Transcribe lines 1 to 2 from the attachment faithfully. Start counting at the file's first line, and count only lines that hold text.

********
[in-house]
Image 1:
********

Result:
[in-house]
Image 1: